Dear Mr. Harry,
I have read many of the responses to my statements regarding the need to cut funds to the arts community in the 2009 City of Indianapolis budget. It is sad that many commentators see the proposed cuts in arts funding as lacking recognition of the many contributions the arts make to the Indianapolis community. Those who are proposing cuts are not cultural Neanderthals, and do not wish the city to be void of an arts culture. We share an appreciation and an enthusiasm for the enrichment the arts offer our minds and spirits.
It is difficult to understand that supporters of the arts funding by the city, seem willfully blind to the desperate financial crisis the city is in. Many of the arts organizations I have heard from, protesting city tax cuts to funding, are in much healthier financial shape than the city. Which major arts organization is in as poor a shape as the city is in right now? Certainly not the Indianapolis Museum of Art or the Children's Museum. Yet, they each received the highest amount of allocated city funds from the Arts Council of Indianapolis. Why didn't the big dollars go to more programs with more limited resources?
I was not on the Council when the decision to fund the stadium was made. Mayor Ballard was not the mayor when the deal was made to give Mr. Irsay 50% of the revenue brought in from all non-NCAA convention events. The current city administration leaders had nothing to do with where we have been. We are taking responsibility for where the city is going. Understanding and cooperation from the arts community during these difficult times is sorely needed and would be much appreciated. Is there any way they could accept a moratorium on funding from the city until the city is on better financial footing? For a few years, can there be a hold on grand new additions to the Children's Museum and The Museum of Art? Can some of the duplicate programs reaching school children come together in a consolidation of services?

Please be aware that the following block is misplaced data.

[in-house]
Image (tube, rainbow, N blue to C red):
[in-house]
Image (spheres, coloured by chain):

My mailbox is filled daily with requests for help from constituents. They can't figure out their property tax bills-or pay them. Sewage flows in the White River on a regular basis. Homeowners battle the costs and aggravation of constant flooding of their homes, not because they chose to live in a flood plain, but due to antiquated stormwater drainage pipes. Commuters endure bone jarring travels along poorly maintained roads. Children are shot in their cars on their way home from church. You read the newspapers, you are fully aware of the challenges out there that need urgent financial fixes. This current administration is working hard to resolve problems that have been years in the making.
There is discussion about what a small portion of the city budget is allocated to arts funding. It is said, "Certainly the city can spare a measly 1.5 million"(actually more, if you count the 1 million the Arts Council receives through the CIB)? Last night, I attended a budget preview session. Please trust me, every thousand, and certainly every million dollars in cost savings is being evaluated and searched for.
My hope is that the disappointed arts supporters out there accept that a cut in funding is not to be taken as an insult or lack of esteem or appreciation of the arts community, but simply as a tough financial decision to be made.
Christine Scales City County Councillor, District 4
P.S- Mayor Ballard has not yet supported a total cut in funding to the arts.